Ryker is a happy, loving, and sweet seven year old boy. He resides in Lincoln, Nebraska with his mom, Amy, his dad, Ross, and his sister, Mila (5). Ryker loves to listen to music, loves being around his peers, and loves swinging. Ryker has been on a challenging journey, but continues to find joy in everything around him. His story serves as a strong reminder to enjoy the moments you are given.
Amy had an uneventful pregnancy and delivery with Ryker. He thrived as a baby and grew into a healthy toddler. On Ryker’s fourth birthday the daycare he was attending completed a routine evaluation on him and reported to Amy that Ryker was unable to report his numbers and colors. These were facts that Ryker had known and should have been able to recite. Since it was a new daycare for Ryker, Amy and Ross thought maybe the transition was hard on him and caused him to forget the basics. Soon, Ryker started to have potty accidents at daycare even though he had been potty trained for about eight months at that point. Ryker also started to have issues with hitting at daycare, which was “so far beyond his personality. Ryker did not hit. That’s when I started to question,” Amy shares.
The daycare suggested that Amy and Ross reach out to the public schools for an evaluation since the schools could help place him in services if qualified. After the evaluation, Ryker was recommended for services and they began to work with him once a week. “Within a month they reported that they had documented loss of skills,” Amy explains. They encouraged Amy and Ross to take Ryker to the pediatrician. “It had been about four months since the pediatrician saw him and it was really eye opening for her. She said it was a completely different kid than she saw four months ago,” Amy says. The pediatrician put in a referral for them to see a pediatric neurologist and an early childhood development specialist. They were placed on the waiting list to see these specialists and it was months before they could be seen. While they were waiting to be seen, Ryker continued to lose abilities. He soon was unable to speak in complete sentences. Since they were unable to get into the specialist for quite some time the pediatrician ordered her own tests. An EEG came back normal and an MRI showed some fluid on the cerebellum. The radiologist tech that completed the MRI diagnosed Ryker with Dandy Walker syndrome, which is a congenital brain malformation involving the cerebellum and the fluid-filled spaces around it. They referred them right away to a pediatric neurosurgeon.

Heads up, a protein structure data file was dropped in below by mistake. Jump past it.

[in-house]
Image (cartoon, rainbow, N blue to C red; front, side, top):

At the meeting with the neurosurgeon it was reported that Ryker did not have Dandy Walker syndrome and that the fluid that he saw should not be what was affecting his abilities. They were then referred to a metabolic specialist for more testing. They found that Ryker had very long chain fatty acids and that his body was not breaking down fatty acids the way it should. At this time, Amy was seeking out care on her own, doing anything she could to help her son since they were not getting into see the specialists they needed to see for some time. They began chiropractic care for Ryker and seeing a local holistic homeopathic doctor who was completing her own tests and providing them with remedies.
Ryker was eventually referred to a neuro-optometrist where they found that his retina was not functioning properly. They were not able to say for sure, but suspected that he could probably not see more than three feet in front of him and only able to make out silhouettes. This was the first time that they were aware that Ryker was losing his vision. “He was running into things and falling down the stairs because he couldn’t control his motor functions. We didn’t know at the time about his vision and all the other stuff. It was a hard time because we had to put his mattress on the floor. He was losing his neurological functioning. We couldn’t keep him in bed at night. He couldn’t control his movements. We didn’t want him to fall out of bed so he had a mattress on the floor, but then he would still get up and fall into the wall,” Amy shares. “We didn’t sleep. We always had to be listening to see if he got up.” Amy was connected with another mom through Ryker’s school when he started kindergarten. This woman’s daughter, who sadly passed away, had used a bed called an entrapment bed that had sides on it and was able to be raised and lowered. She offered it to Ryker, and “that changed our lives because we could all finally sleep again,” Amy says.